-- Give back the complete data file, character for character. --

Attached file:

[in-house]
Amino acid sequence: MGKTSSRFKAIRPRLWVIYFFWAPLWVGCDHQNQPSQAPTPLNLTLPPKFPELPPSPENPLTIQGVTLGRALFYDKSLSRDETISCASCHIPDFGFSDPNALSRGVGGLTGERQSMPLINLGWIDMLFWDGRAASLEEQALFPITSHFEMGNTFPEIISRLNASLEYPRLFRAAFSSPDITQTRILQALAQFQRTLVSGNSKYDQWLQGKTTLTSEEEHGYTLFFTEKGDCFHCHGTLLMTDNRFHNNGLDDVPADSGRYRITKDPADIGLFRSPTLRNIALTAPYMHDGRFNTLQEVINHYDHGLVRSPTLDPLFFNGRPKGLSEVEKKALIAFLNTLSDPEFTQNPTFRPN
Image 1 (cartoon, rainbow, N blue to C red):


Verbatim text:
[in-house]
Amino acid sequence: MGKTSSRFKAIRPRLWVIYFFWAPLWVGCDHQNQPSQAPTPLNLTLPPKFPELPPSPENPLTIQGVTLGRALFYDKSLSRDETISCASCHIPDFGFSDPNALSRGVGGLTGERQSMPLINLGWIDMLFWDGRAASLEEQALFPITSHFEMGNTFPEIISRLNASLEYPRLFRAAFSSPDITQTRILQALAQFQRTLVSGNSKYDQWLQGKTTLTSEEEHGYTLFFTEKGDCFHCHGTLLMTDNRFHNNGLDDVPADSGRYRITKDPADIGLFRSPTLRNIALTAPYMHDGRFNTLQEVINHYDHGLVRSPTLDPLFFNGRPKGLSEVEKKALIAFLNTLSDPEFTQNPTFRPN
Image 1 (cartoon, rainbow, N blue to C red):